Horses and dogs self-medicate in the English hedgerows

Oak before ash

It’s May and I’m in England. The sun is shining brightly, the oak trees are out before the ash, which is hopeful (oak before ash we’re in for a splash, ash before oak we’re in for a soak), and the green fields here on my friend Pauhla’s organic farm are full of healthy lambs. I am walking down the lane with Doug the Collie, who at 18 months old needs time out from his brother and sister and a little special attention to keep him on the track to being a good citizen.

Doug is on the lead, part of the educational experience for a working collie who is used to dashing all over the farm with a pack of dogs, and we walk slowly down the road. He sniffs at the traces of badger, deer, fox, that cross the road, pointing longingly down into the woods where the wild tracks lead. Then we reach a patch of particularly juicy grass and he starts to snack on it, carefully choosing the blades, thicker ones that will cleanse the intestines and I make a mental not to check on his worm load, as rough grass is often used as a mechanical wormer, scraping the intestines clean. He finishes off his snack with a few bites of dandelion leaf, really delicious at this time of year and perfect for cleansing the blood after winter’s stagnation.

Nature’s health food store

The dogs have more or less free access to all the local herbiage, not to mention generous helpings of half-digested protein coated with digestive enzymes (otherwise known as sheep faeces), so I don’t often have the pleasure of going out grazing with them, but I regularly take Doodle, my horse partner, to graze the hedgerows. At this time of year the hedgerows are full of health-giving plants, and I am always curious about Dood’s choices as it gives me a clue as to what is going on in his body and if he is lacking anything in his diet. At the moment he is fond of the very tips of the hawthorn hedge and dandelion leaves.

Hawthorn (Crataegus species) is a common thorny shrub in the rose family, commonly used in the hedges of the British Isles. In May it is covered in frothy white flowers. Hawthorn contains many substances that may benefit the heart. These antioxidant flavonoids — including OPCs — may help dilate blood vessels, improve blood flow, and protect the blood vessels from damage.

Although the berries, leaves, and flowers of the hawthorn plant have been used for medicinal purposes, modern preparations use the leaves and flowers, which are believed to contain more of the flavonoids than the berries.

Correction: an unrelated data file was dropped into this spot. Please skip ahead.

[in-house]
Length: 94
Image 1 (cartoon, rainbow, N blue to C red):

I’m all for Doods topping up on flavonoids and stimulating his circulation.

Dandelion (Taraxacum officinale) is a rich source of vitamins A, B complex, C, and D, as well as minerals such as iron, potassium, and zinc. In traditional medicine, dandelion roots and leaves were used to treat liver problems. Native Americans also used dandelion decoctions to treat kidney disease, swelling, skin problems, heartburn, and stomach upset. Chinese medicinal practitioners used dandelion to treat digestive disorders, appendicitis, and breast problems (such as inflammation or lack of milk flow). In Europe, herbalists incorporated it into remedies for fever, boils, eye problems, diabetes, and diarrhea.

Spring time is Liver time

Today, dandelion roots are mainly used as an appetite stimulant, digestive aid, and for liver and gallbladder function.

Spring is the best time to cleanse and strengthen the Liver and I noticed that Doodle’s Liver association point ( a point on the back where you can check the energy flow in the Liver meridian) was a little cold and hollow confirming that his Liver needed a boost. On top of his self-selection of herbs I offered him essential oils that support Liver function: seaweed (Fucus vesiculosa) for detox, juniperberry (Juniperis communis) for flushing out toxins, carrotseed (Daucus carota) for liver repair and digestive health, and bergamot (Citrus bergamia) to stimulate liver and gall-bladder function and stimulate the immune system.

Doodle chose the carrotseed and bergamot, so I diluted them in sunflower oil and he licked them from my hands enthusiastically. The next day when I came to visit him with a bouquet of hawthorn, dandelions and cow parsley he nibbled at them a little then spat out all but the dandelions, he still liked the essential oils but was a little less enthusiastic than the day before.

I was relieved that whatever imbalance he had been feeling was already under control, as shown by his decreased interest in herbs and oils, and happy to have such an easy way to understand and assist in my animals’ health. With just a little understanding of herbs and essential oils and observation of our animal’s behaviour we can enter into their world, and make them more comfortable in ours.

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